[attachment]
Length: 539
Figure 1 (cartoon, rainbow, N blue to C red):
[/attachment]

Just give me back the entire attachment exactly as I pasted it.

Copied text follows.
Length: 539
Figure 1 (cartoon, rainbow, N blue to C red):